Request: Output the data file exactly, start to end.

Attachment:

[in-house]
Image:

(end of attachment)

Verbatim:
[in-house]
Image: